The discussion of diversity in the South brought to mind a few experiences I have personally had. It goes without saying that people from different geographical areas in the United States, and the world for that matter, are different in many ways. Speaking in the distinctive Southern dialect, I am often set apart from my peers, students, friends, and professional in the United States and internationally.
My first recollection of being “different” was when I had to take a speech class at the University of Tennessee at Chattanooga. I had to record a passage given to me by the professor and turn it in to him for his evaluation. His response was recorded following my reading. The first word from his evaluation was the response of laughter. I did not have the newscaster voice for which he was looking. Afterwards, when people commented on my voice, I always responded by saying, you should have heard me before I took a speech class!
A couple of years after leaving the university, my wife and I had an exchange student visit us at Christmas. He said he thought he could speak English until he and I talked to one another. We communicated by writing. Some 25 years later we continue to communicate best by writing.
I attended a teachers’ conference at Harvard somewhere around 1994. I just wanted to say that I had attended Harvard. I was one of a group of fifty or so participants. I was the only one from the South. You might guess that I was somewhat of a novelty because of my dialect. While I was warned I wouldn’t be able to understand them from many in Chattanooga, they struggled to understand me. On the last day of the conference I arrived to the meeting about an hour early. To my surprise, there was another attendee there as well. I thought he was by himself. We started to talk.
After a few exchanges, he informed me that he had brought his wife to the last day activities. Further, he said that he had brought her for one reason and he hoped I would not be offended. I wasn’t sure about what he was talking. He explained that he loved my voice and wanted me to talk to his wife so she could hear it as well. I was not offended and gladly spoke to his wife for several minutes.
I suppose most of my experiences with my dialect occurred during my professional career as a teacher in Walker and Catoosa Counties in the state of Georgia. Both counties are located on the Tennessee / Georgia border. Until the late 1950s the area was considered rural with the primary economy farming. Education was viewed as a transitional tool to another lifestyle and a step in achieving the American Dream. Standard English for me, born in Spring City, Tennessee and living in the North Georgia area was using terms like Ya’ll for you all, extending the name Lynn, a one syllable word, into a long drawn out four syllable name based on the pace of my speech. Even my students took note of my slow drawl.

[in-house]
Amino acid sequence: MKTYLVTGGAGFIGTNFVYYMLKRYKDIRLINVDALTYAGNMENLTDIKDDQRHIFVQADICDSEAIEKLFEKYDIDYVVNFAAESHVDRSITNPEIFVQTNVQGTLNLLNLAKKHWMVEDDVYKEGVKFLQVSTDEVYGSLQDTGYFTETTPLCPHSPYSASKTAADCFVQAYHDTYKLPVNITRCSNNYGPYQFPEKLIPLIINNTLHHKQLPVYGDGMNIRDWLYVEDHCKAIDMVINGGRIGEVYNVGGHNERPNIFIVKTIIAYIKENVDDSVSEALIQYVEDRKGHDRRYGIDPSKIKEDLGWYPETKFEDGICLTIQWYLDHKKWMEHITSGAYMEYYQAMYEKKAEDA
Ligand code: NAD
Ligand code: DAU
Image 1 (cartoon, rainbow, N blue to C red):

I cannot count or remember how many times my students would respond to me after they had asked me a question in their rendition of my voice! I was impressed that they could imitate my voice so well. Thinking about it, I believe my pattern of speech and pronunciation of words was mostly influenced by the speed of my delivery.
My experience in France showed me how truly diverse my Southern dialect was. I travelled there with a church group of young adults as more of a chaperone than anything else. I met a young lady named Alice. She was delightful! She spoke almost flawless English. One day I noticed she was staring intently into my face as we were talking about something. Finally, she told me that as hard as she was trying and hoping that I would not be mad that she could not understand a word I was saying! She could understand the other Americans. Not I!
Having shared these experiences, I have to confess that I am somewhat flattered by the attention I receive because of the way I speak. To my knowledge no one has defined me as a hillbilly or hick. Well, maybe my students! The others have been, believe it or not, envious of the Southern dialect with which I speak. They appreciate the slow drawl and the relaxed patience with which I speak. They like the fact that they are at ease with me although at times, it is hard for them to understand me.
While these experiences have been positive, I have found that most professionals look down on the way I speak and consider me and associate my language with level of education and being a country hick. It does not offend me. It makes me realize that regardless of one’s position in society, we have personal flaws and misunderstandings about others. I try my best to not judge a person by anything other than what is apparent in their heart and soul.
- Sounding Southern means Sounding Different — by Mike Carter - July 18, 2014